BACKGROUND: There is no good evidence to support the use of patient-reported outcome measures (PROMs) in setting preoperative thresholds for referral for hip and knee replacement surgery. Despite this, the practice is widespread in the NHS. OBJECTIVES/RESEARCH QUESTIONS: Can clinical outcome tools be used to set thresholds for hip or knee replacement? What is the relationship between the choice of threshold and the cost-effectiveness of surgery? METHODS: A systematic review identified PROMs used to assess patients undergoing hip/knee replacement. Their measurement properties were compared and supplemented by analysis of existing data sets. For each candidate score, we calculated the absolute threshold (a preoperative level above which there is no potential for improvement) and relative thresholds (preoperative levels above which individuals are less likely to improve than others). Owing to their measurement properties and the availability of data from their current widespread use in the NHS, the Oxford Knee Score (OKS) and Oxford Hip Score (OHS) were selected as the most appropriate scores to use in developing the Arthroplasty Candidacy Help Engine (ACHE) tool. The change in score and the probability of an improvement were then calculated and modelled using preoperative and postoperative OKS/OHSs and PROM scores, thereby creating the ACHE tool. Markov models were used to assess the cost-effectiveness of total hip/knee arthroplasty in the NHS for different preoperative values of OKS/OHSs over a 10-year period. The threshold values were used to model how the ACHE tool may change the number of referrals in a single UK musculoskeletal hub. A user group was established that included patients, members of the public and health-care representatives, to provide stakeholder feedback throughout the research process. RESULTS: From a shortlist of four scores, the OHS and OKS were selected for the ACHE tool based on their measurement properties, calculated preoperative thresholds and cost-effectiveness data. The absolute threshold was 40 for the OHS and 41 for the OKS using the preferred improvement criterion. A range of relative thresholds were calculated based on the relationship between a patient's preoperative score and their probability of improving after surgery. For example, a preoperative OHS of 35 or an OKS of 30 translates to a 75% probability of achieving a good outcome from surgical intervention. The economic evaluation demonstrated that hip and knee arthroplasty cost of < £20,000 per quality-adjusted life-year for patients with any preoperative score below the absolute thresholds (40 for the OHS and 41 for the OKS). Arthroplasty was most cost-effective for patients with lower preoperative scores. LIMITATIONS: The ACHE tool supports but does not replace the shared decision-making process required before an individual decides whether or not to undergo surgery. CONCLUSION: The OHS and OKS can be used in the ACHE tool to assess an individual patient's suitability for hip/knee replacement surgery. The system enables evidence-based and informed threshold setting in accordance with local resources and policies. At a population level, both hip and knee arthroplasty are highly cost-effective right up to the absolute threshold for intervention. Our stakeholder user group felt that the ACHE tool was a useful evidence-based clinical tool to aid referrals and that it should be trialled in NHS clinical practice to establish its feasibility. FUTURE WORK: Future work could include (1) a real-world study of the ACHE tool to determine its acceptability to patients and general practitioners and (2) a study of the role of the ACHE tool in supporting referral decisions. FUNDING: The National Institute for Health Research Health Technology Assessment programme.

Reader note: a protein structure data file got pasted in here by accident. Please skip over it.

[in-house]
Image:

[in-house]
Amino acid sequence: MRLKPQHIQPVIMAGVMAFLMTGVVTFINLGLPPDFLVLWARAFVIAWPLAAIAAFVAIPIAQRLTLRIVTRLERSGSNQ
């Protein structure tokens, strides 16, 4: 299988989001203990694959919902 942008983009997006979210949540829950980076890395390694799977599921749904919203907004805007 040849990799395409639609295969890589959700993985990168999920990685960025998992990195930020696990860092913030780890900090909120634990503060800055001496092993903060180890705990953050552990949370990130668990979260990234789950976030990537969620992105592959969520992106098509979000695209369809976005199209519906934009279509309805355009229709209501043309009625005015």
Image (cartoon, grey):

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ARTHROPLASTY, COST–UTILITY ANALYSIS, HIP, KNEE, OSTEOARTHRITIS, OUTCOME, REFERRAL, SYSTEMATIC REVIEW, THRESHOLD